KABUL (Reuters) - No one ever claimed responsibility after a suicide bomber rammed into the vehicle of celebrated female parliamentarian Shukria Barakzai. She walked away from the wreckage after the Nov. 16 blast that killed three civilians and wounded 20.
The Taliban often takes responsibility for suicide bombings - it did so for one against the British embassy that killed six people days later. Barakzai, 42, said Afghanistan’s spy agency had warned her before about threats to her life from the insurgent group. But an investigation into the attack on the outspoken women’s rights activist has led nowhere.
Barakzai, a tireless campaigner for women’s rights, has no shortage of potential enemies, including powerful warlords, as Afghanistan’s regional chieftains are known. “Our Parliament is a collection of lords,” Barakzai once famously said. “Warlords, drug lords, crime lords.” Barakzai was only a few hundred meters from the Parliament building, her destination, when the suicide bomber rammed into her armored car.
A strong supporter of new President Ashraf Ghani, Barakzai had been widely talked about as a candidate to join his government, perhaps as education minister or the next women’s affairs minister. Ghani has promised he will appoint four women in his cabinet.
Barakzai, who rose to prominence when she ran underground schools for girls when the Taliban ruled the country, says both the previous Afghan government and its Western benefactors have failed to defend the hard-won rights of women.
“For me, what they do to support women’s rights is just lip service, nothing more than that,” says Barakzai, interviewed in hospital where she is recovering from burns to the left side of her face and her left hand from the attack.
The U.S.-led coalition invaded Afghanistan in 2001 to oust the Taliban and stayed on, in part, to build a western-style democracy, including legal safeguards for women. A quota was mandated for women in public offices, such as parliament and provincial councils. Earlier this year, however, conservative lawmakers rolled back the quota reserved for women in provincial councils to 20 per cent from 25 per cent.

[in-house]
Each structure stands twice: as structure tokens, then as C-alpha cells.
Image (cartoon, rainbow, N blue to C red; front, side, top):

Last Sunday marked the formal end to the international combat mission in Afghanistan. And while huge progress has been made getting millions of girls in school and putting women in positions of formal authority, it has had “frustratingly little impact on these power dynamics,” the U.N.-backed Afghanistan Research and Evaluation Unit said in a recent report.
“Today, women’s rights are ... one of the feared losses shared by Afghans and the world as international troops prepare to withdraw completely.”
World Bank data shows Afghanistan still lags far behind even its impoverished neighbors in South Asia. Only 16 percent of Afghan females above the age of 15 were active in the labor force compared with 57 percent in Bangladesh and 27 percent in India. The fertility rate in Afghanistan is 7.2 births per woman versus 3.1 for all of South Asia. Only 14 percent of births in Afghanistan are attended by a skilled health worker compared with 36 percent in South Asia. The literacy rate for 15-24 year-old women was 32 percent compared with 63 percent in neighboring Pakistan.
Barakzai, a parliamentarian the past decade, has campaigned against the practice of Afghan men marrying multiple wives - her husband, who runs an oil company, took a second wife without consulting her. She stresses the need for long-term investment in education to compete seriously for jobs instead of aid programs for “workshops or seminars”.
“We need a university for girls,” she says, explaining many families won’t send girls to mixed institutions. Barakzai was scornful about aid programs that teach women about rights or try to give them job skills.
“If you see their projects, they are always the same. Empowering women by a seminar or workshop. Or embroidery, tailoring,” she laughs. “I am tired of these things.
Women’s activists have been lukewarm about a new $216 million United States Agency for International Development (USAID) program to support women’s advancement. The five-year program aims to help thousands of women “gain business and management skills, supporting women’s rights groups and increasing the number of women in decision-making positions,” according to a U.S. embassy statement.
Noor Safi Gululai, one of the few women in Afghanistan’s High Peace Council, which is in charge of the so-far fruitless effort to convince the Taliban to join peace talks, was critical of such capacity-building efforts.
“I am afraid this money will also go in the pockets of a few people,” Gululai told Reuters. “Rights will never be taught at conferences. I hope the President will talk to USAID and have them use the money to establish good schools and universities.”
The U.S. Embassy in Kabul declined to comment.
Additional reporting by Kay Johnson and Maria Golovnina.; Editing by Bill Tarrant